International and domestic venues sharpen their competitive edges
Zhang Fan, a digital art designer in his 30s, was excited when Universal Studios Beijing opened in September, being a longtime fan of Happy Valley, another theme park in the Chinese capital.
"I love going to Universal Studios, which has strong movie themes and modern technologies," he said.
Last year, Happy Valley reduced its admission prices and launched a series of promotions. Zhang bought an annual pass for the venue, which cost 399 yuan ($62), and frequently visited the park for fun and relaxation. However, the price of this pass has since risen to 499 yuan, while a single entry ticket costs 299 yuan.
In comparison, Universal Studios Beijing offers different types of tickets－priced from 418 yuan to 748 yuan, according to the date of admission. Prices also change on weekends and during major holidays. To allow visitors more time for a trip, last month, the venue started providing tickets for one-and-a-half days.
Zhang visited the park in October－one month after its official opening.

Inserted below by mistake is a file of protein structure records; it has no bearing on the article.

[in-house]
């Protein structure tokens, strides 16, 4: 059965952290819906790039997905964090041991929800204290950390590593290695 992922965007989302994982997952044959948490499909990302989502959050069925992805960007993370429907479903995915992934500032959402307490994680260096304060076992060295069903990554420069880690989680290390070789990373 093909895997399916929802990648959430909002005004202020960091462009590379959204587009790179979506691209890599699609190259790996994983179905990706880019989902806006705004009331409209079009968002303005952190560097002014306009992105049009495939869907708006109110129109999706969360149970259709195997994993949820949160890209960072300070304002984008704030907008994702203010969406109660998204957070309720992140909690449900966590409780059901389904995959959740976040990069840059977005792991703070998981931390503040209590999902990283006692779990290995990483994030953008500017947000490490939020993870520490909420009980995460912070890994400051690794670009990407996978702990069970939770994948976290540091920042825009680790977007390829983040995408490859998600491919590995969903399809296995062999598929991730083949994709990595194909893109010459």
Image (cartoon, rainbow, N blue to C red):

"I used to work in the movie industry. Many of the features at this park are spectacular, and it is well worth a visit. However, as an ordinary consumer living in Beijing, I prefer to visit Happy Valley more frequently as a leisure destination," he said.
According to local media reports, attendances at Happy Valley have been little affected by the launch of the Universal Studios park.
During the three-day Mid-Autumn Festival holiday in September, when its rival opened, Happy Valley's visitor numbers and overall revenue reached record highs compared with previous years.
Li Wei, deputy head of Happy Valley, told the Jiemian news website that the number of visitors rose by 80 percent year-on-year on Sept 21, the day after Universal Studios Beijing opened. Revenue at Happy Valley was up by 260 percent year-on-year that day.
Although strict measures have been taken in Beijing to control COVID-19, they have failed to dent enthusiasm for visiting the Universal Studios park.
Tickets sold out before the opening, while the resort's two hotels were fully booked. Room rates at some 50 hotels outside the resort rose by 3.5 times.
The new venue has clearly fueled interest in the domestic theme park industry.
Song Yu, chairman of Beijing Tourism Group, one of the main investors in the new park, said Chinese are no longer satisfied to merely check out scenic spots for tourism products and services－they want a deeper experience.
Theme parks can meet their needs by creating a fantasy world for them to escape real life. More important, visitors are happy to pay for this experience, Song said.